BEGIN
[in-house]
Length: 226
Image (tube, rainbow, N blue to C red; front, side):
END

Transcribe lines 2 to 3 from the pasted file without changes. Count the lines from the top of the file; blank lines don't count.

Length: 226
Image (tube, rainbow, N blue to C red; front, side):